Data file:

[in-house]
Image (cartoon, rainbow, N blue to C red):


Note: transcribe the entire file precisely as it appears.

[in-house]
Image (cartoon, rainbow, N blue to C red):